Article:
Resilience and Typhoons


The Batanes Islands (Philippines) are known as the most resilient in the Pacific. This remote and beautiful archipelago is surrounded by seas and frequented by typhoons. For its population, resilience is as ingrained in life as the wind and rain.

Recovery operations on the Islands begin immediately after a catastrophe, they do not wait for external or international assistance. Their culture is based on survival: autonomy, austerity and strength, always from the entire community working together and helping each other. For an Ivatan, not rebuilding their own home or not neighbours to do the same after a typhoon, is a source of shame. They proudly narrate how their ancestors sailed the wild seas in small ships, and sheltered themselves from the inclemency of the weather in fortress houses that still welcome new generations. They maintain a culture that, from their food sources to their approach to construction, has stood the test of time.

Meanwhile, the term resilience has emerged in developed countries, associated with design, and territorial and urban development. More and more cities are making their resilience plans out of fashion or fear; rich, safe, calm, comfortable cities… and, consequently, fragile and vulnerable are those who inhabit them. These citizens are well-fed and have never had to go without a hot shower or build with their own hands. Such populations dependent on macro-systems are easily unbalanced and alarmed at the minimum dysfunction or interruption of supplies.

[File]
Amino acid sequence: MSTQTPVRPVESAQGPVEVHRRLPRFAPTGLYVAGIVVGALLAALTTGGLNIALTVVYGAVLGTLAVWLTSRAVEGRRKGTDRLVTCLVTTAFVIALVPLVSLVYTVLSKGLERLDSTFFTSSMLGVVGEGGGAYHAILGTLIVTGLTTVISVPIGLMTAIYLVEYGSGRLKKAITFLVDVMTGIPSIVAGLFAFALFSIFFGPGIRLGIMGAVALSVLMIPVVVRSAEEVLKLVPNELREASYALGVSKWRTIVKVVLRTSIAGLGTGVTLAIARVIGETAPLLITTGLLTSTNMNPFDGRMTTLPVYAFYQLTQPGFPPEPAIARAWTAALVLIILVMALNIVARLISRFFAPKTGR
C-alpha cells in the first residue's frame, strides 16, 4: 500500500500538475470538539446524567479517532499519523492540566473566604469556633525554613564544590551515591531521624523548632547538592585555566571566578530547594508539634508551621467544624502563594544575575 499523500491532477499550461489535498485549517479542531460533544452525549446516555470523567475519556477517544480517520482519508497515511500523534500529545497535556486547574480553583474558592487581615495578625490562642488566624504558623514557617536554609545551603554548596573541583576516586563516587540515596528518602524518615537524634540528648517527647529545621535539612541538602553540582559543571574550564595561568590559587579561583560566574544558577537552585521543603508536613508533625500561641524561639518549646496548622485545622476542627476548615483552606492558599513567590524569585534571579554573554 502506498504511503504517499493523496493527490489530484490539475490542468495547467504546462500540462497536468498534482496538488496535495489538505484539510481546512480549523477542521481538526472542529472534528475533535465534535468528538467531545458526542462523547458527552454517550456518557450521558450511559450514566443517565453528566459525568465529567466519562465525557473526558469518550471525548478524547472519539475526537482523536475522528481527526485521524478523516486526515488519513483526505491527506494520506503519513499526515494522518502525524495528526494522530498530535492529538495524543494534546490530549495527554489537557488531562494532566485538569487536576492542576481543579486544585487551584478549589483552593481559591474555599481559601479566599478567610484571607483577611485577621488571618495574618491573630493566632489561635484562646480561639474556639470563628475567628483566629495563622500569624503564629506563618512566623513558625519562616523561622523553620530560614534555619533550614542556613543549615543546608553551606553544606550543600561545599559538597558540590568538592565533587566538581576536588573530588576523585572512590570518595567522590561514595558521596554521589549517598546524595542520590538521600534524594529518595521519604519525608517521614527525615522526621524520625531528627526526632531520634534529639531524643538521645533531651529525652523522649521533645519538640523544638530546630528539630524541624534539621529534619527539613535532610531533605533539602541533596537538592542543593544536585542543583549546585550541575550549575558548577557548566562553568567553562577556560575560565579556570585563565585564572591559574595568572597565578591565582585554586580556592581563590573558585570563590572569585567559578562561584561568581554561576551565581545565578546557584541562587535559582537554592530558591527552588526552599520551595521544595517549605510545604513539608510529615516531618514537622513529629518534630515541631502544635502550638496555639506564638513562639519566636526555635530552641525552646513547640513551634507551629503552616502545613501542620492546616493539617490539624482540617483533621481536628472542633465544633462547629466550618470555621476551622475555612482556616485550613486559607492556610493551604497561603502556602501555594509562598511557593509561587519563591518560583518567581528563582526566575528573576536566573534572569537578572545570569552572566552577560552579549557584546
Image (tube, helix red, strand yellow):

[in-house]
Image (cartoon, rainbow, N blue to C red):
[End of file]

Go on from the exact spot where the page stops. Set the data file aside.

Currently, major investments are being made all over the globe to write resilience plans, however, when the time comes and cities face shocks, the danger is that these plans will remain mere reports on paper. If the strategies proposed only address the system as a whole, but neglect the individual scale and the training of individuals, they will not work.

Resilience plans are able to guarantee response systems, organise resources, means and infrastructures, form institutions, coordinate organizations, provide palliatives and minimize risks, but populations are increasingly fragile and at risk.

This is the cost of our well-being – our education based on happiness, safety as the desired means of life, the reduction of effort, and the increase of luxury and comfort. The consequence of favouring infrastructure over the individual is that the two are not connected.  The population is passive to removed systems of defense and protection. The result is the development of strategies based on cooperation that risk being incongruent.

Living in a constant storm has taught the Ivatans to face the storm. Their culture has been built with and by resilience through each person as an individual, with full awareness of the need for cooperation. However, the great cities of the world today are being built with a resilience label that does not extend to their populations.

More about the author

Verónica Sánchez Carrera
nUNDO

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